#Consumer Affairs
United States Department of Agriculture (USDA)
United States of America

If you have a view about how food labeling should be carried out in the United States, now is the time to speak up. Through July 3, the US Department of Agriculture (USDA) is seeking final comments on its proposed system for disclosing the presence of food and ingredients that came from genetically modified crops. (Read the technical details on the USDA website.) Here at the Cornell Alliance for Science we believe that a transparent effective labeling regime needs strong public input from the pro-science community. Please submit your comments here and we'll pass them on to the USDA before the July 3 deadline.

As always, the devil is in the details. Here are five key issues to consider in your comments:

1. Safety. A worldwide scientific consensus agrees that foods and ingredients that come from GM crops are as safe as those from conventionally bred crops. Any labeling standard should not mislead consumers into thinking otherwise. The USDA proposes to use the term “bioengineered" (BE), rather than negative terms like GMO, and nonthreatening symbols that do not evoke fear. Comments are being sought on the proposed symbols, the term "bioengineered," and the disclosure language.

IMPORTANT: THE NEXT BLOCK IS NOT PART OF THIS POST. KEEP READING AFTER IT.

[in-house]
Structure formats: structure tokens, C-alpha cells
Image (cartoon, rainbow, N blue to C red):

2. Transparency. The USDA needs to set a threshold level beneath which disclosure is not required. It has proposed three options: a) inadvertent or technically unavoidable, and no more than 5% of the specific ingredient by weight; b) inadvertent or technically unavoidable, and no more than 0.9% of the specific ingredient by weight; and c) total amount of BE ingredients no more than 5% of the total weight of the product. Which do you support?

3. Convenience. The law allows companies to disclose BE ingredients on a label via one of three options: words, a symbol, and scannable QR codes. The USDA wants comments on a proposed fourth option — a text message delivered to a consumer's phone — as well as where and at what size disclosure should appear on a label.

4. Definition. In keeping with the language of the law, products created through pioneering editing tools like CRISPR would not be disclosed if the end result mimics conventional breeding or could potentially be “found in nature.” The USDA seeks comments on the definition of “conventional breeding” and "found in nature."

5. Disclosure. The USDA is deciding if highly refined products like sucrose, dextrose, cornstarch, high-fructose corn syrup and vegetable oils, which are produced from GM crops but biologically and chemically identical to those made from non-GM crops, should be disclosed. This decision will have disclosure implications for a wide range of foods.

We're keen to hear your thoughts. Please submit your comments below, or in the section on the right, and we'll pass them on to the USDA. The deadline is July 3, 2018.

The Comment now on GMO food labeling petition to United States Department of Agriculture (USDA) was written by Alliance for Science and is in the category Consumer Affairs at GoPetition.